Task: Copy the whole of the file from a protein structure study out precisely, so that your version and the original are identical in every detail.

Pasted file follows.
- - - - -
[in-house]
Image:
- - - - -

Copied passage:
[in-house]
Image: